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PenLab: Xplore Technologies iX104C2 rugged Tablet PC slate

Xplore's rugged Tablet PC gets a technological overhaul and emerges tougher than ever (February 2005 issue)

Competition is always a good thing. Witness Hertz versus Avis, Coke versus Pepsi, Ford versus Chevy and so on. In the ruggedized mobile computing arena, slate division, the competition is between Xplore Technologies and WalkAbout Computer. The fierce battle between those two veterans of the pen computer field may be stressful to them, but it sure has elevated the state-of-the-art in rugged pen slates far beyond what we thought possible just a few years ago. And as usual when competition gets tough, the primary beneficiary is the customer. Xplore's latest is the iX104C2, a freshened-up version of the company's superb iX104 platform. Applying the vast experience Xplore had gathered over the years with its rugged GeneSys pen slates, the iX104 sports exemplary industrial design. This is a rugged machine that is not only tough, but also undeniably attractive. No matter what angle you look at it, every detail of the iX104 seems like some clever engineers thought about it for hours and days, and then went to the designers to come up with the perfect solution.

Just like WalkAbout offers the rugged RT and the ultra-rugged XRT series of essentially the same computer, Xplore uses the iX104 platform for both the economical Renegade as well as the top-of-the-line C2. In our 2004 Buyer's Guide we marvelled at how Xplore managed to seal the iX104 Renegade's generous complement of ports and connectors from the elements, achieving an IP54 rating. Apparently no problem. With the iX104C2, Xplore raised the bar again. The machine sports a stellar IP67 rating. This means you can submerge it in a foot of water for 30 minutes. And, of course, it also passes the requisite tests for blowing rain, drip, sand and dust, salt fog, contamination by fluids (such as detergents or brake fluid) and solar radiation.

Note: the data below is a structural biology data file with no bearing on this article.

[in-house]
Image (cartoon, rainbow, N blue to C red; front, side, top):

Years ago, machines that could withstand this much punishment tended to be large and heavy. The iX104 is not. Its 11.2 x 8.25 footprint is roughly that of a sheet of copy paper. Its thickness of 1.6 inches is what you'd expect from a slender notebook, and its five pound weight is just north of what a "thin and light" notebook weighs.

Years ago, machines as tough as this would also have been behind the technological curve, often by years. Not so here. The C2 is powered by an Ultra Low Voltage Intel Pentium M 733 processor running at 1.1 GHz. It also uses the 400 MHz Intel 855GME chipset and the Intel PRO/Wireless 2200BG wireless network circuitry, earning it full Centrino status. The speedy 5400RPM 40GB hard disk is heavily shock-mounted, memory ranges from 256 to 1GB of PC3200 DDR RAM.